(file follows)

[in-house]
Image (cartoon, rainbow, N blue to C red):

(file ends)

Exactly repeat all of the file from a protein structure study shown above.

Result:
[in-house]
Image (cartoon, rainbow, N blue to C red):